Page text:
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And best of all, these Jupyter Notebooks will run on Windows, macOS, and Linux!

Project structure

Before we can learn how to apply blurring with OpenCV, let’s first review our project directory structure.

Start by accessing the “Downloads” section of this tutorial to retrieve the source code and example image:

$ tree . --dirsfirst
.
├── adrian.png
├── bilateral.py
└── blurring.py

0 directories, 3 files

Our first script, blurring.py, will show you how to apply an average blur, Gaussian blur, and median blur to an image (adrian.png) using OpenCV.

The second Python script, bilateral.py, will demonstrate how to use OpenCV to apply a bilateral blur to our input image.

Average blurring ( cv2.blur )

The first blurring method we are going to explore is averaging.

An average filter does exactly what you think it might do — takes an area of pixels surrounding a central pixel, averages all these pixels together, and replaces the central pixel with the average.

By taking the average of the region surrounding a pixel, we are smoothing it and replacing it with the value of its local neighborhood. This allows us to reduce noise and the level of detail, simply by relying on the average.

Remember when we discussed kernels and convolutions? Well, it turns out that we can use kernels for not only edge detection and gradients, but for averaging as well!

To accomplish our average blur, we’ll actually be convolving our image with anM \times Nnormalized filter where bothMandNare both odd integers.

This kernel is going to slide from left-to-right and from top-to-bottom for each and every pixel in our input image. The pixel at the center of the kernel (and hence why we have to use an odd number, otherwise there would not be a true “center”) is then set to be the average of all other pixels surrounding it.

Let’s go ahead and define a3 \times 3average kernel that can be used to blur the central pixel with a 3 pixel radius:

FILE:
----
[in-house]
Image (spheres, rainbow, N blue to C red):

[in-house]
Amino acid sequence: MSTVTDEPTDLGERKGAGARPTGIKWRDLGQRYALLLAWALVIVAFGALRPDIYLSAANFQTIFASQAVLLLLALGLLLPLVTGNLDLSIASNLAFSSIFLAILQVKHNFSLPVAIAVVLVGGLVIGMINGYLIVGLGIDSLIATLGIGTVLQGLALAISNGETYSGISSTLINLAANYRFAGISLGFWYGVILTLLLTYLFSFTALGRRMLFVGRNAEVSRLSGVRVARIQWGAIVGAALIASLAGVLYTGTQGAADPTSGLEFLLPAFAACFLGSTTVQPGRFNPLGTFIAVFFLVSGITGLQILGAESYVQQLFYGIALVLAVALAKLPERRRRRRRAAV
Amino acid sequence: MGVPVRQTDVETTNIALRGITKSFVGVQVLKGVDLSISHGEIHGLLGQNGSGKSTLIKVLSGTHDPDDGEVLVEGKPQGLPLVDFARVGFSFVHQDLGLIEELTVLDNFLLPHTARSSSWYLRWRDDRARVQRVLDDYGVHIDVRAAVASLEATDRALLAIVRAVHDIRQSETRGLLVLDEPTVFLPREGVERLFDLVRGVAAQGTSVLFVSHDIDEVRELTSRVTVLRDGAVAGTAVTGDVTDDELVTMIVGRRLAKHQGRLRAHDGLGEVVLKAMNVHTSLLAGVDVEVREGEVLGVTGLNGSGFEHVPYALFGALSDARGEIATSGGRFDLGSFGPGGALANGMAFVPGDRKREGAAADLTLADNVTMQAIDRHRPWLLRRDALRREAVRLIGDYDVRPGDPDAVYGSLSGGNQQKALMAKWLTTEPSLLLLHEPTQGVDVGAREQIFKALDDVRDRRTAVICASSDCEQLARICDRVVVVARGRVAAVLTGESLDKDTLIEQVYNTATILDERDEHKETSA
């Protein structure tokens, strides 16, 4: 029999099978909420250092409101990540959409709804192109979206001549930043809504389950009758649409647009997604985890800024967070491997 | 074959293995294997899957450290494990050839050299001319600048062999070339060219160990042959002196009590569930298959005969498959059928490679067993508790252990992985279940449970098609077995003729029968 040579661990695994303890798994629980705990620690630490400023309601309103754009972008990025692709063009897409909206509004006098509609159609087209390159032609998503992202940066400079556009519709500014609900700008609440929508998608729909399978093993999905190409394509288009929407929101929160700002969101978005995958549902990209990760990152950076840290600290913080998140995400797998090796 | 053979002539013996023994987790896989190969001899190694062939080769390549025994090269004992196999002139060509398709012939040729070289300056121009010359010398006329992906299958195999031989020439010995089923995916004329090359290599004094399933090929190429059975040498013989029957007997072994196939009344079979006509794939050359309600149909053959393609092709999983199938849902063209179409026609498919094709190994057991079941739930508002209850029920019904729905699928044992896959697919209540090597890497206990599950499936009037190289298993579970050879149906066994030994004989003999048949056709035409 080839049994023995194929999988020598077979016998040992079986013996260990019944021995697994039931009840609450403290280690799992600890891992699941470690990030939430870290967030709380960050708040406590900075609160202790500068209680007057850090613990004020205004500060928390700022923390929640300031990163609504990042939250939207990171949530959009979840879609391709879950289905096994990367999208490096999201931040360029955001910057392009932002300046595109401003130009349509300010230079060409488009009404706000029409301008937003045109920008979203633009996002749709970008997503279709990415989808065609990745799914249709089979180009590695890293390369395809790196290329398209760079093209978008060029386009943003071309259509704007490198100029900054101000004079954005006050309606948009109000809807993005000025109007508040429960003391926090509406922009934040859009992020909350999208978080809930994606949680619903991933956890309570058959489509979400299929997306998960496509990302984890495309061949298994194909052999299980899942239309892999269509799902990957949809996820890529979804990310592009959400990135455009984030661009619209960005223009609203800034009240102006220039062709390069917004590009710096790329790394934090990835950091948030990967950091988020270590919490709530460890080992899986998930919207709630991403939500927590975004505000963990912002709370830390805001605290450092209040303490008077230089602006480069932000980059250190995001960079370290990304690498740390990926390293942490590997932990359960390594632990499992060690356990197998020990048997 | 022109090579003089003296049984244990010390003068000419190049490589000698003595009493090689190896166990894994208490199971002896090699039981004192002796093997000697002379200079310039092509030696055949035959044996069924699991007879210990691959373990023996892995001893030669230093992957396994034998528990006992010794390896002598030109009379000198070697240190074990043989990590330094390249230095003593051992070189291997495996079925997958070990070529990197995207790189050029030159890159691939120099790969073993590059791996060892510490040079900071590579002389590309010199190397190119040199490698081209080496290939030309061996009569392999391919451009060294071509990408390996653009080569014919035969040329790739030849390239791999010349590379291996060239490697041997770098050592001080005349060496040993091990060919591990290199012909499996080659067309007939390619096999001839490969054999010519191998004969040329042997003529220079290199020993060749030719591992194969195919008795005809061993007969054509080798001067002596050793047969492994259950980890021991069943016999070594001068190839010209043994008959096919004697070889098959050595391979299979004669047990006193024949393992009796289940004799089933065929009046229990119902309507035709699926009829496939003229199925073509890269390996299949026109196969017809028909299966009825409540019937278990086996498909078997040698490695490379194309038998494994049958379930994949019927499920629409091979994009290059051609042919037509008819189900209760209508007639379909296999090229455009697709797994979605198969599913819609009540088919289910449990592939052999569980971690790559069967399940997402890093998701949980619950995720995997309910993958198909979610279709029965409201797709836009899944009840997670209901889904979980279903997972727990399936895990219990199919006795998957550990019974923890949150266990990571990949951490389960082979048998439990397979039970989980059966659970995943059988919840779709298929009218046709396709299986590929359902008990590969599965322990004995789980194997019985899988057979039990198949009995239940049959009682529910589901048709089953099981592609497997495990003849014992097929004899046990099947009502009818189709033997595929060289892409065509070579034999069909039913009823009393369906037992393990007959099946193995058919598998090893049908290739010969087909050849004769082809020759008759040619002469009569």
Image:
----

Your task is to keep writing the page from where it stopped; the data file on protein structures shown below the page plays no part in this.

K = \displaystyle\frac{1}{9} \left[\begin{tabular}{ccc}1 & 1 & 1\\   1 & 1 & 1\\   1 & 1 & 1\end{tabular}\right]

Notice how each entry of the kernel matrix is uniformly weightedwe are giving equal weight to all pixels in the kernel. An alternative is to give pixels different weights, where pixels farther from the central pixel contribute less to the average; we’ll discuss this method of smoothing in the Gaussian blurring section of this lesson.

We could also define a5 \times 5average kernel:

K = \displaystyle\frac{1}{25} \left[\begin{tabular}{ccccc}1 & 1 & 1 & 1 & 1\\ 1 & 1 & 1 & 1 & 1\\ 1 & 1 & 1 & 1 & 1\\ 1 & 1 & 1 & 1 & 1\\ 1 & 1 & 1 & 1 & 1\end{tabular}\right]

This kernel takes more pixels into account for the average, and will blur the image more than a3 \times 3kernel since the kernel covers more area of the image.

Hence, this brings us to an important rule: as the size of the kernel increases, so will the amount in which the image is blurred.

Simply put: the larger your smoothing kernel is, the more blurred your image will look.

To investigate this notion, let’s explore some code. Open the blurring.py file in your project directory structure and let’s get to work:

# import the necessary packages
import argparse
import cv2

# construct the argument parser and parse the arguments
ap = argparse.ArgumentParser()
ap.add_argument("-i", "--image", type=str, default="adrian.png",
	help="path to input image")
args = vars(ap.parse_args())

Lines 2 and 3 import our required packages while Lines 6-9 parse our command line arguments.

We only need a single argument, --image, which is the path to our input image on disk that we wish to apply smoothing and blurring to. By default, we set this argument to adrian.png.

Let’s now load our input image from disk:

# load the image, display it to our screen, and initialize a list of